The Psychoanalytic View: Cinderella Meets Oedipus


What precisely is the nature of these struggles? Followers of Sigmund Freud contend that they are sexual by and large, rooted, as it were, in oedipal concerns. Bruno Bettelheim, a psychoanalyst and author of The Uses of Enchantment, maintained that the hidden text in fairy tales revolves about such matters as penis envy, castration anxiety, and unconscious incestuous longings. According to Bettelheim, hidden psychosexual conflicts are the driving force in a whole host of fairy tales ranging from Little Red Riding Hood to Rumpelstiltskin.

    The Freudian emphasis on sexuality leads to a number of fanciful, if somewhat far-fetched interpretations. The struggle between Snow White and her stepmother, for example, supposedly derives from Snow White's oedipal longing for her father. The older woman embarks on her murderous quest because she believes that the seven-year-old poses a sexual threat. Her incessant query, "Mirror, mirror, on the wall, who is the fairest of them all?" literally reflects her fear that the king will find Snow White more appealing than her. It thus is the implicit sexual struggle between the young girl and the queen, rather than the queen's preoccupation with her looks, that fuels the plot.

    Snow White's relationship to the seven dwarfs inspires a similarly inventive interpretation. Referring to the dwarfs as "stunted penises," Bettelheim writes, "These `little men' with their stunted bodies and their mining occupation—they skillfully penetrate into dark holes—all suggest phallic connotations." It is because of their diminished sexual capacities that the dwarfs pose no threat to the pubescent Snow White. Since they are unable to perform, they provide the child with a safe haven at a time in life when she is sexually vulnerable.

    Even Cinderella does not escape the swath of the psychoanalytic brush. In the Grimm brothers' version, the stepmother's wish to have the prince take one of her daughters as his bride is so intense that she orders them to cut off their heels and toes so their feet will fit into the slipper. When the prince notices blood flowing from the shoe, he naturally becomes distraught. But his distress, according to psychoanalytic doctrine, is prompted not so much by the stepmother's wanton brutality—or her efforts to deceive him—but by the castration anxiety aroused by the sight of the blood. In one fairy tale after another, sexuality is heralded as the propelling force behind anything and everything in the plot.

    Is it reasonable to expect young children to respond to the sexual undertones in the narrative even if they do indeed exist? Folklorist and fairy-tale scholar Maria Tatar thinks not. She charges that using fairy tales to warn children about the dangers of sexuality stretches matters. Commenting on Bettelheim's psychosexual interpretation of The Sleeping Beauty, she writes: "It may be that parents will have sex on their minds when they read about a princess who pricks her finger on a spindle, then falls into a deep sleep, but children are unlikely to free-associate from the blood on the princess's finger to intercourse and menstruation, as Bettelheim believes they will." By the same token, it requires an imaginative leap to get from the parting of the thorny hedge that surrounds the castle to a symbolic opening of the vagina.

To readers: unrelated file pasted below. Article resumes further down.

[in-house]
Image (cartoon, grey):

While no one will deny that children are sexual beings, and that some fairy tales may tap sexual longings, sex is far from the most pressing concern in the lives of the very young. Children worry more about pleasing their parents, making and keeping friends, and doing well in school than they do about sex. Children worry about their standing in the family, and about whether they are loved as much as their siblings. They wonder whether there is anything they might say or do that could lead to their being abandoned. Many of the concerns that occupy the minds of the very young have less to do with sex than with thoughts and impulses that affect their relationships with significant figures in their lives.


The Self Perspective: Pursuing Goodness


A psychological perspective that provides a powerful alternative to the psychoanalytic point of view focuses on the child's burgeoning sense of self. Instead of emphasizing sexual matters, self theory focuses on aspects of the personality that threaten to undermine a child's intimate connection to others, particularly parents and peers. Much of what takes place in a fairy tale, accordingly, mirrors the struggles that children wage against forces in the self that hamper their ability to establish and sustain meaningful relationships.

    Within this perspective, Hansel and Gretel, for instance, is thought to address age-old issues having to do with gluttony. Even after Hansel and his sister descend on the witch's house and eat their fill, they continue to devour greedily what's left of the cottage: "Hansel, who liked the taste of the roof, tore down a great piece of it, and Gretel pushed out the whole of a sugar window pane." One of the great challenges of childhood is knowing when enough is enough.

    Consider Snow White, the ultimate paean to vanity. The story graphically demonstrates what happens when concerns over appearances interfere with more important matters. Not only is the evil queen preoccupied with her looks, but Snow White almost loses her life when she lusts after the pretty laces offered to her by her disguised stepmother. And Cinderella, when one looks beyond the pretty gown and the prince, is essentially a story about envy.